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Long-term effects of beach nourishment on the benthic fauna of Panama City Beach, Florida

Author: J K Culter; S Mahadevan; Coastal Engineering Research Center (U.S.)
Publisher: Fort Belvoir, Va. : The Center ; Springfield, Va. : National Technical Information Service, Operations Division [distributor, 1982]
Series: Miscellaneous report (Coastal Engineering Research Center (U.S.)), no. 82-2.
Edition/Format:   Book : National government publication : EnglishView all editions and formats
Database:WorldCat
Summary:
The long-term effects of beach nourishment on the benthic infauna and surface sediments of Panama City beaches were investigated. Forty-seven stations located on nine transects between West Pass and Philips Inlet, and two nourishment borrow sites were sampled in November-December 1979 and May 1980. The data collected were compared to prenourishment base-line information collected by Saloman (1976). Abiotic  Read more...
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Details

Material Type: Government publication, National government publication
Document Type: Book
All Authors / Contributors: J K Culter; S Mahadevan; Coastal Engineering Research Center (U.S.)
OCLC Number: 8355650
Notes: Cover title.
"January 1982."
Description: 94 p. : ill. ; 28 cm.
Series Title: Miscellaneous report (Coastal Engineering Research Center (U.S.)), no. 82-2.
Responsibility: by J.K. Culter and S. Mahadevan ; prepared for U.S. Army, Corps of Engineers, Coastal Engineering Research Center.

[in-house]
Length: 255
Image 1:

Abstract:

The long-term effects of beach nourishment on the benthic infauna and surface sediments of Panama City beaches were investigated. Forty-seven stations located on nine transects between West Pass and Philips Inlet, and two nourishment borrow sites were sampled in November-December 1979 and May 1980. The data collected were compared to prenourishment base-line information collected by Saloman (1976). Abiotic parameters, water temperature, dissolved oxygen and salinity were measured. Sediments were analyzed for particle-size distribution, percent organic carbon and percent carbonate. Benthic macroinvertebrates were represented by 162 taxa of 14 major animal phyla. Species composition and faunal densities varied seasonally. Polychaetes and amphipods were the most abundant animal groups; a small number of species were dominant at nearly all stations. Species diversity was lowest in the swash zone and sandbar stations and highest offshore. Sediment composition was similar to that of Saloman's (1976) study within limits of sampling and processing errors. Faunal composition was found to be different from 1976 but was attributed to normal seasonal and spatial variations. Based on benthic community analyses and sediment parameters, no significant differences were found between nourishment borrow sites and surrounding areas and in the nearshore areas where beach nourishment was conducted. No long-term adverse effects of beach nourishment were detected. (Author).

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